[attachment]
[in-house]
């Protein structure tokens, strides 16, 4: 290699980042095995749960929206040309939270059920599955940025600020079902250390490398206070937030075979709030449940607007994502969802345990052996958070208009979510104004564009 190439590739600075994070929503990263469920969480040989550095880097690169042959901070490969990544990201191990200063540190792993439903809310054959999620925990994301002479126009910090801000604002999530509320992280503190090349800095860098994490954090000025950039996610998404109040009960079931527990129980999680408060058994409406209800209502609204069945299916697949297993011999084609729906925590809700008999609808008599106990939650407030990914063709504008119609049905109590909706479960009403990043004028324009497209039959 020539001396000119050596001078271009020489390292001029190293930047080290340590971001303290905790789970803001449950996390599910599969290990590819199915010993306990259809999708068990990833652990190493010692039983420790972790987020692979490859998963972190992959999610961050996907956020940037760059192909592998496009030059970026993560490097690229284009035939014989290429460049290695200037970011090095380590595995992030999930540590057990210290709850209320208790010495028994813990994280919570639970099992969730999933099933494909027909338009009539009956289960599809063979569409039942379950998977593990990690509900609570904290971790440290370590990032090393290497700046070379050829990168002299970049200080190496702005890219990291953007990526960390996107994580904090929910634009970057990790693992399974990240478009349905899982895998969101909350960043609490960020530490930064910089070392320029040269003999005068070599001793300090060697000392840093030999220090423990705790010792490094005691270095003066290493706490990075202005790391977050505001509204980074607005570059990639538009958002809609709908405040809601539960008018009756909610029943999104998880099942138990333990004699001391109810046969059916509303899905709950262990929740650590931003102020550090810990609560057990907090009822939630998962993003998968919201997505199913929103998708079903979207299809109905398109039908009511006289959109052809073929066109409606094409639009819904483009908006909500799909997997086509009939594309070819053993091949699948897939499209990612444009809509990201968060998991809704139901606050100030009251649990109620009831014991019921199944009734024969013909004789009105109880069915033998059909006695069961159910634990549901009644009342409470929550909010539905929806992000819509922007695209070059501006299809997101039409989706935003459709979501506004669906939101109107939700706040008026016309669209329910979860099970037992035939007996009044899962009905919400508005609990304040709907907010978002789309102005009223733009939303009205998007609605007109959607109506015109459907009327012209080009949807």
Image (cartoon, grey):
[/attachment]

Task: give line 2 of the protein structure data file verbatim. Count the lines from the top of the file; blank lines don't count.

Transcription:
């Protein structure tokens, strides 16, 4: 290699980042095995749960929206040309939270059920599955940025600020079902250390490398206070937030075979709030449940607007994502969802345990052996958070208009979510104004564009 190439590739600075994070929503990263469920969480040989550095880097690169042959901070490969990544990201191990200063540190792993439903809310054959999620925990994301002479126009910090801000604002999530509320992280503190090349800095860098994490954090000025950039996610998404109040009960079931527990129980999680408060058994409406209800209502609204069945299916697949297993011999084609729906925590809700008999609808008599106990939650407030990914063709504008119609049905109590909706479960009403990043004028324009497209039959 020539001396000119050596001078271009020489390292001029190293930047080290340590971001303290905790789970803001449950996390599910599969290990590819199915010993306990259809999708068990990833652990190493010692039983420790972790987020692979490859998963972190992959999610961050996907956020940037760059192909592998496009030059970026993560490097690229284009035939014989290429460049290695200037970011090095380590595995992030999930540590057990210290709850209320208790010495028994813990994280919570639970099992969730999933099933494909027909338009009539009956289960599809063979569409039942379950998977593990990690509900609570904290971790440290370590990032090393290497700046070379050829990168002299970049200080190496702005890219990291953007990526960390996107994580904090929910634009970057990790693992399974990240478009349905899982895998969101909350960043609490960020530490930064910089070392320029040269003999005068070599001793300090060697000392840093030999220090423990705790010792490094005691270095003066290493706490990075202005790391977050505001509204980074607005570059990639538009958002809609709908405040809601539960008018009756909610029943999104998880099942138990333990004699001391109810046969059916509303899905709950262990929740650590931003102020550090810990609560057990907090009822939630998962993003998968919201997505199913929103998708079903979207299809109905398109039908009511006289959109052809073929066109409606094409639009819904483009908006909500799909997997086509009939594309070819053993091949699948897939499209990612444009809509990201968060998991809704139901606050100030009251649990109620009831014991019921199944009734024969013909004789009105109880069915033998059909006695069961159910634990549901009644009342409470929550909010539905929806992000819509922007695209070059501006299809997101039409989706935003459709979501506004669906939101109107939700706040008026016309669209329910979860099970037992035939007996009044899962009905919400508005609990304040709907907010978002789309102005009223733009939303009205998007609605007109959607109506015109459907009327012209080009949807």